STATE of Oregon, Plaintiff–Respondent, v. Billie Walter BERG III, Defendant–Appellant.
In this criminal appeal, in which defendant seeks reversal of a conviction for burglary in the second degree, we write only to address defendant's contention that the trial court plainly erred in requiring him to pay court-appointed attorney fees of $510 in the absence of evidence that defendant “is or may be able” to pay those fees. See ORS 151.505(3) (“The court may not require a person to pay costs under this section unless the person is or may be able to pay the costs.”); ORS 161.665(4) (“The court may not sentence a defendant to pay costs under this section unless the defendant is or may be able to pay them.”); see also State v. Coverstone, 260 Or.App. 714, 716, 320 P3d 670 (2014) (holding that it is plain error for a trial court to require a defendant to pay court-appointed attorney fees in the absence of legally sufficient evidence that the defendant has the ability to pay the amount imposed).
The state concedes that the record does not contain any evidence of defendant's ability to pay, but it does not concede that the court plainly erred. At sentencing, the court sentenced defendant on both the burglary conviction at issue on appeal and a misdemeanor conviction of attempted theft. On the burglary count, the court sentenced defendant to 18 months' probation, required 80 hours of community service, and imposed a fine of $200 and an assessment of $510 in attorney fees. The court waived imposition of both a fine and a court-appointed attorney fee on the misdemeanor count. The state contends that it is plausible that defendant made a tactical choice not to object to the imposition of attorney fees on the felony count, because doing so might have caused the court to reconsider its decision to waive imposition of the fee on the misdemeanor count, which was not dependent on a showing of defendant's ability to pay. Therefore, the state contends, citing State v. Gornick, 340 Or 160, 169–70, 130 P3d 780 (2006), any error is not “apparent,” because we must choose between competing plausible inferences to reach it.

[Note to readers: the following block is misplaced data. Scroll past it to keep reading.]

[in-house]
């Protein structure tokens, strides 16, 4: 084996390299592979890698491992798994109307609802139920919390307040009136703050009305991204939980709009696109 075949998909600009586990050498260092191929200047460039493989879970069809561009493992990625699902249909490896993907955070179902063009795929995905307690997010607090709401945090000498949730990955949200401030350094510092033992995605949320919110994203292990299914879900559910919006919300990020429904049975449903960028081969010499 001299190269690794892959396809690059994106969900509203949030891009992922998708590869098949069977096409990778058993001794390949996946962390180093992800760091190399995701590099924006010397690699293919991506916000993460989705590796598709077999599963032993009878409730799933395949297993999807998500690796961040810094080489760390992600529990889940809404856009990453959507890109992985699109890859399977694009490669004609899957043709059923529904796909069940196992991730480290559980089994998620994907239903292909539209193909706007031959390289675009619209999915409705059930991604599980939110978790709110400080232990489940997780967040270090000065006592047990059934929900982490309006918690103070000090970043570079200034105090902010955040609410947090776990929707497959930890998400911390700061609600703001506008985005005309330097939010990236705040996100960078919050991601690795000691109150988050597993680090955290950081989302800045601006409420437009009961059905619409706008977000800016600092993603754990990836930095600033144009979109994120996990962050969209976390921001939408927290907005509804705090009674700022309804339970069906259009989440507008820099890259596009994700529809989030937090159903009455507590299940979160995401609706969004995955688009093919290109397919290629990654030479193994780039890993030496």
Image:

On this record, the state's contention that defendant made a tactical choice not to object is mere speculation. See State v. Pergande, 270 Or.App. 280, 284–85, 348 P3d 245 (2015) (rejecting state's argument that defense made tactical choice not to object to “vouching” testimony as implausible and speculative); State v. Lovern, 234 Or.App. 502, 511–12, 228 P3d 688 (2010) (for plain error analysis, competing inferences must be “plausible”). We conclude that the trial court plainly erred and, for the reasons set forth in State v. Ramirez–Hernandez, 264 Or.App. 346, 349, 332 P3d 338 (2014) (exercising discretion to correct erroneous imposition of $400 in court-appointed attorney fees because the amount was “substantial” in light of defendant's circumstances), we exercise our discretion to correct the error.
Portion of judgment requiring defendant to pay attorney fees reversed; otherwise affirmed.